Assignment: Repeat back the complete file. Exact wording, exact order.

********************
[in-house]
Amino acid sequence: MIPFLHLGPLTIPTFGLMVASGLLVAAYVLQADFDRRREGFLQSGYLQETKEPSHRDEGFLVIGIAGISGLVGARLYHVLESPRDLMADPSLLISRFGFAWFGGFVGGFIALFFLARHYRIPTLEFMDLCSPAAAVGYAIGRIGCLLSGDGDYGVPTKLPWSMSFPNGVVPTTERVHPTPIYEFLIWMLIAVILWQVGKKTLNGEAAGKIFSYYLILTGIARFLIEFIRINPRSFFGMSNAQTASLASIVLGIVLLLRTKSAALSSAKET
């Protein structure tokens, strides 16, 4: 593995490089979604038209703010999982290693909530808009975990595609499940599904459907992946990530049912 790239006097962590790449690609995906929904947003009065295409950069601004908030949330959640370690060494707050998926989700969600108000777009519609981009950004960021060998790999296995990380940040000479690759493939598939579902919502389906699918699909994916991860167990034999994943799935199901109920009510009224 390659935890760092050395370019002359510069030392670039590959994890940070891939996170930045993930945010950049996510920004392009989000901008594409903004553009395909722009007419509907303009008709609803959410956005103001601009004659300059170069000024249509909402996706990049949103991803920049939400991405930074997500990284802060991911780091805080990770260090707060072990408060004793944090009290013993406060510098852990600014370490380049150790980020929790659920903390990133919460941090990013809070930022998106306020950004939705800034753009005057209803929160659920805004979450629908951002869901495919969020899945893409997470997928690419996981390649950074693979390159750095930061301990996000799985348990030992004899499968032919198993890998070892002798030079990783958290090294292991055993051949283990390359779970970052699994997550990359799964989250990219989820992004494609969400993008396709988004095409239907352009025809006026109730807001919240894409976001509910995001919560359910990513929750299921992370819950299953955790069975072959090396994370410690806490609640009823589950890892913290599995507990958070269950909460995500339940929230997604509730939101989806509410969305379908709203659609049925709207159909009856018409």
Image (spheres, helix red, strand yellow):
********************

[in-house]
Amino acid sequence: MIPFLHLGPLTIPTFGLMVASGLLVAAYVLQADFDRRREGFLQSGYLQETKEPSHRDEGFLVIGIAGISGLVGARLYHVLESPRDLMADPSLLISRFGFAWFGGFVGGFIALFFLARHYRIPTLEFMDLCSPAAAVGYAIGRIGCLLSGDGDYGVPTKLPWSMSFPNGVVPTTERVHPTPIYEFLIWMLIAVILWQVGKKTLNGEAAGKIFSYYLILTGIARFLIEFIRINPRSFFGMSNAQTASLASIVLGIVLLLRTKSAALSSAKET
């Protein structure tokens, strides 16, 4: 593995490089979604038209703010999982290693909530808009975990595609499940599904459907992946990530049912 790239006097962590790449690609995906929904947003009065295409950069601004908030949330959640370690060494707050998926989700969600108000777009519609981009950004960021060998790999296995990380940040000479690759493939598939579902919502389906699918699909994916991860167990034999994943799935199901109920009510009224 390659935890760092050395370019002359510069030392670039590959994890940070891939996170930045993930945010950049996510920004392009989000901008594409903004553009395909722009007419509907303009008709609803959410956005103001601009004659300059170069000024249509909402996706990049949103991803920049939400991405930074997500990284802060991911780091805080990770260090707060072990408060004793944090009290013993406060510098852990600014370490380049150790980020929790659920903390990133919460941090990013809070930022998106306020950004939705800034753009005057209803929160659920805004979450629908951002869901495919969020899945893409997470997928690419996981390649950074693979390159750095930061301990996000799985348990030992004899499968032919198993890998070892002798030079990783958290090294292991055993051949283990390359779970970052699994997550990359799964989250990219989820992004494609969400993008396709988004095409239907352009025809006026109730807001919240894409976001509910995001919560359910990513929750299921992370819950299953955790069975072959090396994370410690806490609640009823589950890892913290599995507990958070269950909460995500339940929230997604509730939101989806509410969305379908709203659609049925709207159909009856018409």
Image (spheres, helix red, strand yellow):